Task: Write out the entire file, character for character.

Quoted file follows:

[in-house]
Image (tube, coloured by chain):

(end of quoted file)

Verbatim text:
[in-house]
Image (tube, coloured by chain):